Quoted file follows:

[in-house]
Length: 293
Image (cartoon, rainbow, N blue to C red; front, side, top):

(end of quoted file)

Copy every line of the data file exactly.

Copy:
[in-house]
Length: 293
Image (cartoon, rainbow, N blue to C red; front, side, top):